Biddulph Grange is not just a garden, it is a way of explaining the world. It was made in the mid-19th century, when science was beginning to explore and understand the natural world. In the process, the new theory of evolution would come head-to-head with the Christian principle of Divine Creation. James Bateman and his friend, Edward Cooke, gentlemen amateurs, set out in this garden and its Geological Gallery a model of compromise between the two ideas.
In a series of theatrical garden tableaux, Bateman brought together a dynamic collection of extraordinary new plants from China, Sikkim, America and beyond. Biddulph was a horticultural wonder of the age and it remains one of Britain’s most important historic gardens.
Biddulph Grange today reveals very few clues of the time when it was suffering neglect. This guidebook, illustrated with new photography and rarely seen archive images, not only tells the story of its creation, but also its decline and its remarkable restoration.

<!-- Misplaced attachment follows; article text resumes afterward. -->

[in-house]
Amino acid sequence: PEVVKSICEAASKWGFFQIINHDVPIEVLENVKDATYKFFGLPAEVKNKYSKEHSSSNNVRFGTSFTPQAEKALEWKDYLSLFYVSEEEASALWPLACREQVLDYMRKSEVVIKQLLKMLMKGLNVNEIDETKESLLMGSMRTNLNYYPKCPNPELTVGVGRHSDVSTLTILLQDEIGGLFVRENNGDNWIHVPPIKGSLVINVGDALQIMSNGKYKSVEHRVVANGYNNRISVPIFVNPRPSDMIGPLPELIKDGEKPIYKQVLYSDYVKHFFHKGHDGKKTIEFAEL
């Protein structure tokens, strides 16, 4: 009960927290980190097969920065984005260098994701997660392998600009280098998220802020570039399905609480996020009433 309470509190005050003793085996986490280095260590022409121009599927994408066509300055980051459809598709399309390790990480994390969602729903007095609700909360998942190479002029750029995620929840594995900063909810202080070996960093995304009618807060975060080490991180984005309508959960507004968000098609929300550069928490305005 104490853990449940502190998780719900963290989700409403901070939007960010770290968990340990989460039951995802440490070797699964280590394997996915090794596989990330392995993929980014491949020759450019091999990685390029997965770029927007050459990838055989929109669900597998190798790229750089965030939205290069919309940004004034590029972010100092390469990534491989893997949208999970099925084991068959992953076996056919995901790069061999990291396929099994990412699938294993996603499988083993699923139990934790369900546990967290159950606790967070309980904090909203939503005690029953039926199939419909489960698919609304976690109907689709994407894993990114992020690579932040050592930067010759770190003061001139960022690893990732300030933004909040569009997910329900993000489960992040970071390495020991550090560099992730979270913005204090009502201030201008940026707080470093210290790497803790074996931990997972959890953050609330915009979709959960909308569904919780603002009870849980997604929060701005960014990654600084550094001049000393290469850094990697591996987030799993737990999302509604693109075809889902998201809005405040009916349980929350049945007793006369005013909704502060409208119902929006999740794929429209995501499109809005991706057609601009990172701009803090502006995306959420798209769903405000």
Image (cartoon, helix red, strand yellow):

About the Author
Stephen Anderton is the long-standing garden writer for The Times, as well as a journalist, broadcaster, lecturer and author. He worked in the care of historic gardens where, latterly as National Gardens Manager for English Heritage, he was responsible for several major restoration projects. His books include Discovering Welsh Gardens; the biography Christopher Lloyd, His Life at Great Dixter; and Lives of the Great Gardeners (2016). He lives in the Black Mountains.
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